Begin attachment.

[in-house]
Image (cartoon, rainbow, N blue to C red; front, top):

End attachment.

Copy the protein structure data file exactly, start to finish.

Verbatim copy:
[in-house]
Image (cartoon, rainbow, N blue to C red; front, top):